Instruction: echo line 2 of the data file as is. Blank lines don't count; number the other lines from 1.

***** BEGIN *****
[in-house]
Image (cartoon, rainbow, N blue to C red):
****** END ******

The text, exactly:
Image (cartoon, rainbow, N blue to C red):